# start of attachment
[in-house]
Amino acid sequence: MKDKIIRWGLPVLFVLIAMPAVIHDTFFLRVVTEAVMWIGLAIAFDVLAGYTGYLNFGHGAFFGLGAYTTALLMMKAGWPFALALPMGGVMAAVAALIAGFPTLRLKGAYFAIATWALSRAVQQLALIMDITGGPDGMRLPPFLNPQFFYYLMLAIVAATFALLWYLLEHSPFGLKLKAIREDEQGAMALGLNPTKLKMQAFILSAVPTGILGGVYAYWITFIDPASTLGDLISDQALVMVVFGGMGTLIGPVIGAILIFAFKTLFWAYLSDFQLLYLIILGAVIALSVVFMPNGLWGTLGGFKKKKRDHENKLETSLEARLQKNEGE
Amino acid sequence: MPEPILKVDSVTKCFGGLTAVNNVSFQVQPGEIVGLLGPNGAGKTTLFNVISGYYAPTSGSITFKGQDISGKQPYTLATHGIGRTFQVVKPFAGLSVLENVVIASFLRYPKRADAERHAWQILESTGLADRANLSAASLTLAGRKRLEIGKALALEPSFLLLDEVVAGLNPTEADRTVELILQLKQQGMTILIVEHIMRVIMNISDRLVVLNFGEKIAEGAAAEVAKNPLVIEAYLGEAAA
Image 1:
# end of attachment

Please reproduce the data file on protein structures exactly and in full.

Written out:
[in-house]
Amino acid sequence: MKDKIIRWGLPVLFVLIAMPAVIHDTFFLRVVTEAVMWIGLAIAFDVLAGYTGYLNFGHGAFFGLGAYTTALLMMKAGWPFALALPMGGVMAAVAALIAGFPTLRLKGAYFAIATWALSRAVQQLALIMDITGGPDGMRLPPFLNPQFFYYLMLAIVAATFALLWYLLEHSPFGLKLKAIREDEQGAMALGLNPTKLKMQAFILSAVPTGILGGVYAYWITFIDPASTLGDLISDQALVMVVFGGMGTLIGPVIGAILIFAFKTLFWAYLSDFQLLYLIILGAVIALSVVFMPNGLWGTLGGFKKKKRDHENKLETSLEARLQKNEGE
Amino acid sequence: MPEPILKVDSVTKCFGGLTAVNNVSFQVQPGEIVGLLGPNGAGKTTLFNVISGYYAPTSGSITFKGQDISGKQPYTLATHGIGRTFQVVKPFAGLSVLENVVIASFLRYPKRADAERHAWQILESTGLADRANLSAASLTLAGRKRLEIGKALALEPSFLLLDEVVAGLNPTEADRTVELILQLKQQGMTILIVEHIMRVIMNISDRLVVLNFGEKIAEGAAAEVAKNPLVIEAYLGEAAA
Image 1: